Clean Air Strategy to target Tyre and Brake Pollution

Having already outlined their plans to dramatically reduce exhaust emissions over the coming years (read all about the impending ban on sales of petrol and diesel cars here) the Government have now outlined plans to reduce pollution from brakes and tyres.

The new plans, that come once again as part of the Clean Air Strategy, aim to tackle the particulate matter that is emitted through general tyre wear and braking. Whilst you may think that pollution from these sources must already be minimal, the tiny PM2.5 emissions given off are roughly 5 per cent the thickness of a human hair, meaning that they can easily penetrate deep in the lungs.

Due to their ability to travel through the human body, unhindered by the nose and throat, a number of health conditions have been linked with the microscopic particles – for this reason, they have become the next focus of various Government agencies.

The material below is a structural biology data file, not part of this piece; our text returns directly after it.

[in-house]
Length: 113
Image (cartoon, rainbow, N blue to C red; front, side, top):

Due to the Government’s other Clean Air Strategy initiatives (like the ban on sales of new petrol and diesel vehicles), experts estimate that PM2.5 emissions caused by tyres and brakes will make up 90 per cent of vehicle pollutants by 2030 – when the transport sector moves to electric vehicles.

Unlike their previous focus – exhaust emissions – PM2.5 emissions are given off by almost every vehicle regardless of whether they are powered by a fossil fuel or an alternative energy source.

That universal problem leaves Government agencies with the hard task of finding new ways to remove the sources of pollution.

The answer, which is already being researched by many automotive companies, depends on the creation of new tyres and brakes that utilise new materials to minimise emissions; many developments have already appeared. One such development recently came from Bosch in the form of the all-new iDisc brake disc. Utilising a tungsten-carbide coating, these brake discs are capable of emitting 90 per cent less brake dust than traditional iron brake discs.

Whilst there are currently no formal plans from the Government to tackle these emissions, you can surely expect to see new initiatives and laws appearing over the next year as more electric cars take to Britain’s roads.


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